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Managing and Maintaining Talent within the Legal Industry

Managing and Maintaining Talent within the Legal Industry

Most employers recognise that their staff are what set them apart from the rest; they are a vital resource that require managing and maintaining to continue to perform to the best of their ability. This takes time, effort, a well-planned strategy and training.

Managing the careers of your employees, so that they can fulfil the potential requirements of your firm, will give you a long term reward that is well worth the investment.

The following steps will help you to identify your firm’s needs, then manage and maintain the talent within your firm so that you can meet forecasted goals.


1. Forecast your Firm’s Objectives
This will require a business strategy that offers a projected forecast to include any key skills which are likely to be required if your firm’s progress is to be achieved.

Consider things such as:

• Specific targets – this might involve new areas of law that you want to develop, business networking, inviting trainee lawyers into the firm, training administration staff, and so on. Be clear and realistic about what is possible. Knowing where your firm’s strengths and weaknesses lie is a big help at this stage. What skills will you need in the future and how can you achieve this?

• Measurable Objectives – your targets must be measurable in order to check your progress. For instance, it is vital to track all training offered to employees and get feedback from them. Once you have achieved an objective, review it to check overall progress.

• Achievable goals – are a must. Be realistic about timescales, expenses, resources, and your firm’s progress.

• Relevant targets – we are considering the management and training of your employees so keep your targets centred on what is best for them and your firm. Ensure goals are focused on training, support, and performance.

• Time – be realistic when it comes to setting a timescale for your firm’s objectives. Putting things into place now, in order to secure the future you require, can take time and patience.

2. Identify Skill Gaps

Once you have set your objectives you should have a clearer picture of the areas that will require work.

Talking to your staff about current performance, and your expected projections, will give you valuable insight into possible skill gaps within your workforce.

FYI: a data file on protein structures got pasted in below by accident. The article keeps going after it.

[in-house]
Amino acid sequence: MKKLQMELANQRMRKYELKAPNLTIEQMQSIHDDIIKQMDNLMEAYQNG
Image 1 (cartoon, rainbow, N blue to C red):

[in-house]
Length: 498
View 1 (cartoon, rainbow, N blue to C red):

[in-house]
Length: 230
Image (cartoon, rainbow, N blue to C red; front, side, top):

You might find that there are already employees with some of the skills you require that have previously been untapped.

If your employees feel valued, and believe that their career is important or worthy of your investment, they are likely to be more productive, settled and reliable.


3. Support and Stretch your Talent

One of the best ways to ensure a good retention of staff, guarantee your firm’s success, and increase productivity is to ensure your employees feel valued and respected.

An excellent way to do this is by supporting their career path and offering incentives for those who wish to pursue training in order to advance their knowledge base and career prospects.

Mentoring those employees who display an aptitude for innovative training or stretching assignments will provide a support network for them within the firm, giving them the opportunity to grow and gain valuable skills.

Allowing them to progress outside of their comfort zones will encourage self-confidence and talent – which is beneficial to your firm.

4. Networking

We all know that networking is a vital element of the law industry. However, do you offer, and actively encourage, your employees to take the time to network?

If the answer is ‘no’ then you need to rethink.

Networking opportunities are ideal for encouraging potential new clients, meeting with other local businesses, and advertising your firm.

Encourage your staff to participate in conferences (both local and national) speak at universities, colleges and even schools, or to join local business groups in a bid to become more proficient at networking.

The results will speak for themselves.

5. Choosing the right person for the job

This is perhaps more difficult than it sounds. Too often quieter, studious employees can be overlooked in favour of the gregarious, sociable ones.

However, it doesn’t always mean they are the best person for training, advancement, and talent management.

Take a good look at employees results, workloads, achievements (both in and out of the workplace), to make sure you choose the best people for training and mentoring.

6. Mindfulness

Lawyers suffer from a disproportionate amount of stress. This might be why they are frequently prone to substance abuse, and suicide. According to law professor Rhonda Magee “lawyers are almost four times more likely to be depressed than non-lawyers, and twice as likely to be alcoholics”.

These frightening statistics highlight the importance of teaching mindfulness techniques within the workplace, encouraging all employees to enjoy some ‘me time’, or allowing options for flexible working.

Rhonda goes on to say that “Mindfulness practices increase lawyers’ capacity to be present and high-functioning, no matter how unpredictable or potentially distressing the situations in which they might find themselves.”

“They are also better at assessing high-conflict or other challenging situations from multiple perspectives. Such outcomes make lawyers more skilful at handling stressful situations at work and in their personal lives, leading to increased well-being overall.”

Teaching mindfulness techniques within the workplace can help to reduce stress, improve productivity and keeps staff and clients happier.


Managing and maintaining the talent within your firm is definitely in the best interests of productivity, success and growth for your company.

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